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Legislative Assembly for the ACT: 2010 Week 2 Hansard (25 February) . . Page.. 702..


MR STANHOPE (continuing):

through the 23 key elements and consider the changes that can be made to legislation, enforcement systems and administrative arrangements to achieve the worthy goal of nationally consistent regulation.

Alongside this legislation, and in consideration of the fact that nationally consistent mandatory codes of practice will only commence to be introduced from the end of this year, the government will, before this bill is debated, be introducing new regulations to impose mandatory standards for the welfare of poultry.

These regulations will provide specific requirements for cage design, inspection regimes and stocking density, as well as stipulating water and feed trough sizes and minimum design standards. The new regulations will allow the ACT to continue to lead the nation ahead of the introduction of a national regulatory code of practice for the welfare of poultry to which this bill will give effect.

Combined, these measures will ensure that the ACT government continues to be a leader in the realistic and practical reform of the caged hen industry.

Mr Speaker, I commend the bill to the Assembly.

Debate (on motion by Mrs Dunne) adjourned to the next sitting.

Crimes (Serious Organised Crime) Amendment Bill 2010

Mr Corbell, pursuant to notice, presented the bill, its explanatory statement and a Human Rights Act compatibility statement.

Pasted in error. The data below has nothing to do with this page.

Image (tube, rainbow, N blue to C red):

Title read by Clerk.

MR CORBELL (Molonglo—Attorney-General, Minister for the Environment, Climate Change and Water, Minister for Energy and Minister for Police and Emergency Services) (10.11): I move:

That this bill be agreed to in principle.

Organised crime continues to present many challenges in jurisdictions within Australia and overseas. Organised crime has been at the forefront of media attention in recent times, particularly in relation to outlaw motorcycle gangs, and jurisdictions in Australia have been evaluating their legislative responses to serious organised crime.

The government in the ACT has also taken the opportunity to examine the responsiveness of the ACT's legislative framework to tackle the multijurisdictional nature of serious organised crime. The Legislative Assembly passed a motion on 1 April last year resolving that the government provide advice to the Assembly on various aspects of organised crime in the ACT and other relevant jurisdictions.

On 24 June last year, I tabled the government report to the ACT Legislative Assembly: Serious organised crime groups and activities. This report is a


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